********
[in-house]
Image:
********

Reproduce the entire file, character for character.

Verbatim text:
[in-house]
Image: